Web3 security firm DeFiYield also had a look at 1,000 accounts given as a sample by the hacker and verified that the data is “real.” It also reached out to the hacker via Telegram and noted that they are actively waiting for a buyer there.
If found true, the breach could be a significant cause for concern for Crypto Twitter users, particularly those who operate under a pseudonym.
However, some users have highlighted that such a large-scale breach is hard to believe, given that the current amount of active monthly users reportedly sits at around 450 million.
At the time of writing, the purported hacker still has a post up on Breached advertising the database to b buyers. It also has a specific call to action for Elon Musk to pay $276 million to avoid having the data sold and face a fine from the General Data Protection Regulation agency.
If Musk pays the fee, the hacker says they will delete the data and it will not be sold to anyone else “to prevent a lot of celebrities and politicians from Phishing, Crypto scams, Sim swapping, Doxxing and other things.”
The breached data in question is understood to have come from the “Zero-Day Hack” on Twitter, in which an application programming interface vulnerability from June 2021 was exploited before it was patched in January this year. The bug essentially allowed hackers to scrape private info, which they then compiled into databases to sell on the dark web.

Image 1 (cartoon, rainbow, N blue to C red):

Alongside this supposed database, two others have previously been identified, with one consisting of around 5.5 million users and another thought to contain as many as 17 million users, according to a November 27 report from Bleeping Computer.
The dangers of having such info leaked online include targeted phishing attempts via text and email, sim swap attacks to get ahold of accounts and the doxing of private information.
People are being advised to take precautions such as making sure two-factor authentication settings are turned on for their various accounts, via an app and not their phone number, along with changing their passwords and storing them securely and also using a private self-hosted crypto wallet.